Pentagon’s Cybersecurity Accreditation Board Seeks First Class of Auditors


The group seeks experienced professionals to help shape an ecosystem of education and training possibilities for aspiring cyber auditors. 

School’s in for summer. The accreditation body responsible for implementing the Defense Department’s Cybersecurity Maturity Model Certification program will soon start accepting applications for the first set of students to fine-tune its assessor training program.

With the finalization of an acquisition rule change this fall, the CMMC will institute a system of independent third-party audits to validate the cybersecurity practices of companies within the defense industrial base. For the most part, defense contractors are currently just pledging their adherence to required security controls. 

DOD will soon finalize a training course prospective auditors will have to pass.

Then, “once we have the training course ready and we’re happy with it, we’re going to go out to industry and recruit what I call the first class of assessors who are going to sit through this course,” said Ben Tchoubineh, chair of the CMMC Accreditation Body’s training committee.

Tchoubineh illuminated the body’s planned training program in a recording the group posted today.

The 60 students selected to be in the first class should actually be highly experienced assessors, who Tchoubineh said would provide feedback on the training and help them “perfect the system before they really open up to the world.” 

Once the accreditation body chooses the 60 individuals from its application pool, training will start in the summer and will be capped by an exam. Assessors will then be able to audit an initial set of companies seeking certification. 

That will be the first phase of rolling out the training program, which should be completed within three to six months, Tchoubineh said, and is meant to enable meeting DOD’s timeline for certifying companies. 

Trainees and companies undergoing the audits will incur costs, but Tchoubineh said the initial group of both can expect discounted rates, yet to be established.

Thanks to COVID-19, the first phase will also all happen remotely, Tchoubineh said. The group is exploring online training options and is “working with organizations within the DOD who have had experience doing remote assessments,” he said, “and we’re looking at the processes thereof.”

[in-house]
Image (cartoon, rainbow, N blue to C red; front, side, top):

In a second phase, the accreditation body will roll out the formal training program by the end of this year or early 2021. The board then will scale up the program by partnering with other organizations, including colleges and universities that have already expressed interest, Tchoubineh said.

Tchoubineh said having multiple content and training partners will promote innovation, quality and flexibility “through competition.”  

To ensure quality and standardization, the CMMC accreditation body will establish a centralized “body of knowledge,” known as the CMMC BOK, he said, which will specify training objectives for various assessor certification levels. 

In addition, there will be Licensed Publishing Partners (LLPs) to create the curriculum based on the training objectives, and Licensed Training Partners (LTPs) which will actually conduct the training. 

And finally, Tchoubineh said, the accreditation body will “very soon” issue a request for proposal for an examination delivery partner, which will help with developing and proctoring final tests “throughout the globe.”

The accreditation body and the DOD is hoping to make the training program accessible to a diverse set of candidates who could start to see a path toward creating their own entrepreneurial practices.

Tchoubineh said one person could conceivably function as an assessor, an instructor, a certified third-party assessment organization, an LLP and an LTP.

Eligibility for the very first level could come from having “some cybersecurity experience”—as demonstrated by existing certifications, perhaps—having a college degree or having served in the military. 

Tchoubineh said Katie Arrington, the chief information security officer for DOD’s acquisitions office and the CMMC program leader, specifically told the accreditation body that all veterans should be eligible to apply.